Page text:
Music has found to have many benefits for those with dementia. If your loved one likes music, playing songs they know can help improve mood and increase awareness and clear thinking. It’s best to play upbeat music in the morning, music with no words during social engagement times, and bi-harmonic music (i.e., single tune music like a violin or harp) toward late afternoon and early evening to reduce potential signs of sundowning, common with those who have Alzheimer’s disease (Freitas, 2015). Get ready to play “Jingle Bells” and other notable favorites this holiday season! 

To add visual stimulation to your loved one’s auditory experience, try Memory Lane TV. This multi-sensory media collection provides calming footage featuring various settings and experiences to keep your loved one feeling relaxed and engaged.

The holiday season should be as joyous as possible for everyone. Utilizing holistic, sensory-based techniques may enhance the quality of this holiday season for you and your loved one. 

At the Dementia Connection Institute, we are always striving to educate caregivers and professionals to fill their toolbox with lots of tools to be prepared when caring for those living with dementia. When caregivers are educated and prepared, this allows those living with dementia to live freely in their new world, without judgment, controls, and negativity. 

Learn more about the above mentioned engagement strategies and more at one of our upcoming seminars. Family caregivers and professionals can become certified as a Dementia Connection Specialist (DCS)! Now offering our seminars virtual and in-person. Learn more.

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WRITTEN BY:
Dr. Jennifer Stelter
Dr. Jennifer Stelter, also known as The Oil Doctor, Psy.D., is a Clinical Psychologist and Johns Hopkins Press author, who specializes in dementia care. She has 20 years experience in the healthcare field and over a dozen in the senior living industry. She is a Certified Dementia Practitioner and Certified Alzheimer’s Disease and Dementia Care Trainer through the National Council for Certified Dementia Practitioners.
 
Additionally, she is the CEO of NeuroEssence, LLC at the Dementia Connection Institute and the creator of the Dementia Connection Model(c). Also, she is the author of The Busy Caregiver’s Guide to Advanced Alzheimer Disease. At the Dementia Connection Institute, we provide training and education on dementia care to professionals and family caregivers with a heavy focus on ‘prescribing’ with non-pharmacological interventions and engagement and empowering care providers to do the same. The vision is that those living with dementia will be able to experience and navigate their new world freely because caregivers and professionals feel better educated, prepared, and empowered in how to provide quality dementia care. We are now open! Visit us at DementiaConnectionInstitute.org.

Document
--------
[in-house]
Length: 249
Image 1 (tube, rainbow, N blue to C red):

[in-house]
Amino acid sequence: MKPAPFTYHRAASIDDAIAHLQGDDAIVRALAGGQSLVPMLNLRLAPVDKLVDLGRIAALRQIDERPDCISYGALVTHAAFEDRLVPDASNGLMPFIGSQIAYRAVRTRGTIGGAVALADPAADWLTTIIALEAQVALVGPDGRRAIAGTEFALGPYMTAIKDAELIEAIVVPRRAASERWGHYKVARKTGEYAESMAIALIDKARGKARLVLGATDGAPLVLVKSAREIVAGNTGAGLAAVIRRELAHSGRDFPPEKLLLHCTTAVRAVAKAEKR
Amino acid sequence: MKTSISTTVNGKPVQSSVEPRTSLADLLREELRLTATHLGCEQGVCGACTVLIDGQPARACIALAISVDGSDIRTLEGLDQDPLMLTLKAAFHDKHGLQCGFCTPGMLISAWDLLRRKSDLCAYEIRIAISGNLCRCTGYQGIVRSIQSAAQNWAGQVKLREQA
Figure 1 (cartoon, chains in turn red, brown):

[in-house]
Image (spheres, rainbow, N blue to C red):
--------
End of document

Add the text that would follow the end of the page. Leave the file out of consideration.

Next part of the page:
Jessican-Ryan
Jessica Ryan
Jessica Ryan is a university educated Biologist and Educator, a Certified Dementia Practitioner (CDP) through the National Council of Certified Dementia Practitioners (NCCDP), an AromaTouch® Technique Trainer certified by Dr. Hill, a top doTERRA Wellness Advocate, and a founder and co-creator of AromaTechniques an aromatherapy and hand massage technique specific to the “vintage” population. She is the CEO of The Oil Mama, LLC, and co-founder and co-owner of NeuroEssence, LLC. She has 25+ years of experience in education and the sciences from high school to university and professional level. Over the last 10 years she has committed to staying on the forefront of evidence- based essential oil uses and educating individuals and families on reducing toxic load and increasing cellular nourishment as the key to healthy mind and body at any age. She has pioneered a specialization in working with the “vintage” population, healthcare professionals, and caregivers to educate them on the usage of therapeutic essential oils for longevity and quality of life as it relates to the Alzheimer’s, Dementia, and brain health.
 
Jessica regularly leads workshops and offers valuable and continued support through her various resources and one-on-one consultations. She also offers additional services to healthcare and residential facilities as related to the “vintage” population including caregiver and continuing education, hospice tools, and customized community wellness plans.